Barbecuing in the Rain

Several times this summer I have doggedly grilled or barbecued despite rain.  Today is turning out to be one of those times.

I have pork chops on the Weber getting a bath in hickory smoke.  A few drops have fallen on the black cover.

Pork chops are easy, because the meat is tender.  No all-day babysitting is needed while the low heat sweats away the fat:  it’s just about getting the flavor right.  Right now, it’s about 3:45 PM Bulova time, and dinner will be on schedule.

Two quick-light charcoal briquets–only two–with regular charcoal forming a “snake” along one side of the kettle.  A pie tin of water opposite.  Seasoned pork chops above the water, making unhurried progress.  That’s all it takes.

You don’t need a vertical smoker, a horizontal smoker, a porcelain smoker, a propane smoker, a super-duper ex-hippie capitalist smoker, a 55-gallon drum smoker, or any other specialized product.  You don’t need a thermometer or any other specialized gadgets.  A Weber kettle or something similar will work perfectly.  Add charcoal, water, chunks of hardwood, meat, and time.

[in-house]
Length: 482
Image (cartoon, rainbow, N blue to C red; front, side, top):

If you use chunks of wood, no need to soak them.  Chips are so small they need soaking.

There is an American fallacy about cooking:  that it’s more about tools than technique.  The truth is otherwise.  An expensive smoker is only as good as the chef.  A basic black kettle is every bit as good as the chef.

It’s a wonder that anybody discovered brisket with that attitude.

About Jonathan B. Hall

Keyboard artist, sacred musician, teacher, writer, working in New York City and State. Many interests include music theory and history, literature, astronomy, genealogy, philosophy and theology, gardening, and good food. Cat lover, too.
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